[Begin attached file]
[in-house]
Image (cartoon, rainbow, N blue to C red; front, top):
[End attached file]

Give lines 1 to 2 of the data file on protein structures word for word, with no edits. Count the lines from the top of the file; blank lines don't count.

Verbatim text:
[in-house]
Image (cartoon, rainbow, N blue to C red; front, top):